St. Augustine Vice-Mayor Errol Jones spent time with a cup of coffee and Historic City News editor Michael Gold this morning talking about his memories of the September 11, 2001 tragedy.
Jones addressed a small gathering of people assembled in front of the gazebo in the Plaza de la Constitucion to participate in the annual September 11th Ceremony of Remembrance at 8:30 a.m.
The solemn observance, at the exact time terrorists attacked America, was marked by silent prayer and concluded with the ringing of bells from the Cathedral, Trinity Church and Flagler College.
Part of the nature of the human condition is the ability to recall, often with great clarity, the most disastrous moments in our lives. If you are old enough, for example, there is a better than likely chance you will remember where you were the day that President Kennedy was shot.
Vice-Mayor Jones was no exception. Jones, who worked for the St. Johns County School District, recounted his feelings nine years ago with great precision. “I was on a visit to St. Augustine High School that Tuesday morning,” Jones told Historic City News. “I must have been walking in one of the halls — I remember being called into a classroom where they were watching the news on television.” At 8:46 a.m., the first plane crashed into the World Trade Center.
Jones used to live and work in New York; at one time he was working in Tower II. He said that he knew people who were living there in 2001 and can only imagine their grief.
Jones also remembers where he was on the days when both John F. Kennedy and Robert F. Kennedy were shot, as well as Dr. Martin Luther King, Jr.
Jones said he will also remember where he was January 28, 1986 as he watched the Space Shuttle Challenger break apart — 73 seconds into its flight. Jones was in Daytona Beach and saw the splintered fireballs as the rocket disintegrated before his eyes. All seven crew members were killed in the horrifying aerospace accident.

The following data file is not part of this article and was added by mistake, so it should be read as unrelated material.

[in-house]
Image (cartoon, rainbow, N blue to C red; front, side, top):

We asked several others around the plaza and, later in the morning, at a Patriot Day event being held by the Republican Club of Greater St. Augustine at the St. Augustine Board of Realtors meeting room.
Paul Williamson, Director of the City’s Department of Public Affairs, recalls being at his desk in City Hall — watching the news as it unfolded on his television. St. Augustine Police Chief Loran Lueders said that he was also at work, watching the towers fall on TV. Former City Manager Bill Harriss was in his office at City Hall and says he was in “disbelief”.
Former St. Augustine City Commissioner Bill Lennon told Historic City News that he remembers all too well. “I was on the phone, trying to reach my wife.” Judy Lennon was visiting New York and Bill said she must have been in a taxi on her way to her parent’s house where she was staying.
“All telephone service was out,” Lennon said. “You couldn’t get in a call on the cell phone or the landline phones. My son and I were frantic.” Once things calmed down, Judy Lennon was waiting a week before she could get a flight out to come back to St. Augustine.
Vicki Warren, who is usually in the Plaza de la Constitucion under happier circumstances, going about her job as part of the Public Works Department, was in the Plaza to pay her respects and reflect on her memories of the 9-11 attack. Warren told us she was at home that day, watching her television and remembers hearing the news when it broke in.
Mayor – Commissioner Candidate Don Heine was living in Fairfax County, working on a resource management plan for the Fairfax County Park Authority that day. “It took me four hours to get home because all the bridges and tunnels were shut down,” said Heine.
Salvation Army Chairman Gary Bruce said that he heard about the terrorist attacks on the radio. Bruce recalled, “I was driving down SR-16 in St. Augustine, returning a rental car, when the news came over the air.”
Local Realtor Linda DeGrande received a telephone call from her late husband, Tommy DeGrande, while she was at work on San Marco Avenue. “I was getting ready to start an office meeting at Merritt Realty when Tommy called and told me to turn on the TV set.”
Roy Alaimo, president of the St. Johns County Young Republicans, said he was in a biology class at St. Johns River Community College in St. Augustine. “I’ll never forget my professor coming into the classroom, crying,” Alaimo said. “Classes were canceled and we were sent home. I spent the rest of the day with my family watching the news.”
St. Johns County Commission Chairman Ron Sanchez said that he will never forget hearing the information on the radio in his truck. “I was building a house for a couple in the Sea Oats Subdivision and was unloading construction materials with one of my workers.”
“I was preparing for a grand jury presentation,” said R. J. Larizza, State Attorney for the 7th Judicial Circuit. “Deputy Sheriff Scott Beaver and I were out getting statements from witnesses; when the news came over the radio, we stopped what we were doing and headed back to the State Attorney’s office.”
County Commissioner Ray Quinn recalled, “I was at Florida National Guard headquarters here in St. Augustine and heard the news over the television at work.”
Dr. William Proctor said, “I was in the car on I-95 south of Jacksonville on my way to Tallahassee. About the time the news came over the radio, my wife called my cell phone to tell me what had happened. I stayed tuned in all the way to Tallahassee.”